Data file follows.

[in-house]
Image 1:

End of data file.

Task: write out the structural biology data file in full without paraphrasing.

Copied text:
[in-house]
Image 1: